As shown in Fig. 10 hollow rivets may be used in the joints shown in Figs. 6 to 11,

p which hollow rivets 12" are inserted into the auxiliary holes and are riyeted over at their two ends projecting from thepipe. For the tubular and its interior adjacent the rivets purpose of saving both in material and in weight hollow'rivets 12 are employed, as shown in Figs. 12 and13 of.such-a length that they only'p'ass through the walls of i the two pipes to be joined so farat both ends that they can just be riveted over. Fig. 12 is a longitudinal section through two pipes 16 and 17 the one fitted into the other, and secured by means of rivets 18.

What I claim is: j 1. A joint comprising two members adapted to be secured together by rivets passed through them, one of said members being tubular and .having an open end, but the interior of such member being inaccessible to the introduction of rivets thereinto through said end, means being provided in said tubular member whereby the interior thereof is rendered accessible to the rivets from the exterior thereof, to permit the rivets to be introduced into the interior of said member, and subsequently passed throu h said member to be headed.

2. joint comprising two members adapted to be secured together by rivets passed through them, one of said members being tubular, means being provided in the side of and project only .said tubular member to permit the rivets to be introduced into the interior of said member and subsequently passed through said members to be headed, the interior of said tubular member being rendered accessible to the rivets and rivet manipulating means from the exterior thereof only by said means.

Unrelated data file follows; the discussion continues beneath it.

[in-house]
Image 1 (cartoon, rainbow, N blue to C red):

3. A joint comprising twp members adapted to be secured together by rivets passed through them, one of said members being being inaccessible fromthe end of said ember, means being provided in said tubular member whereby the interior thereof is rendered accessible from the exterior thereof, to permit the rivets to be introduced into the interior of said member and 'subsequentl passed through said members to be heade said means being provided in the sideof said tubular member opposite the side at which the rivets' are located.

4. A joint comprising two members adapted to be secured together by rivets passed through them, one of said members being tubular and its interior adjacent the rivets being inaccessible from the ends of said-members, holes being provided in said tubular member whereby the interior thereof is renexterior thereof,

two members adapter by rivets passed said members being introduced into ,dered accessible adjacent the rivets the ends of said members, holes being provided in said tubular member whereby the interior thereof is rendered accessible from the exteriorthereof, to permit the rivets to be introduced into the interior of said member and subsequently passed through said members to be headed, and hollow rivets provided in said holes whereby the strength of the joint is increased.